The War on Drugs continues, four decades after President Richard Nixon commenced hostilities. President Barack Obama--the third president in a row to have used illicit substances in his youth--is no drug warrior. However, he seems unlikely to challenge the disastrous new prohibition.
The president has, however, ended the federal campaign against medical marijuana, ordering administration officials to respect state laws legalizing the drug for medicinal purposes. This policy will grow increasingly important as more states allow use of med-pot (for instance, in November Maine voters legalized medical marijuana dispensaries). Congress should approve legislation introduced by Rep. Barney Frank (D-Mass.), codifying administration policy into law.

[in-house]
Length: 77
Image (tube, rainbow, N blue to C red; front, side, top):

In my opinion, the Nobel Peace Prize is well awarded. It may be also the strongest-ever political act of the premier peace-forwarding organization in the world. They offer the prize to President Obama not only for his achievements but also as an allotment of authority to work on the world stage, at a time when he needs it.
Here the Nobel Prize is not a symbol of recognition but a vehicle to end wars.
Many were surprised by the announcement. But I think we lose perspective on how momentous it is for an African American to be the leader of our powerful nation. Our President has shown himself to be quite adept at his job. His time in office so far, less than a year, has hinted at an influential presidency. The world looks at all of this, rightly so, as a major shift in the global political landscape.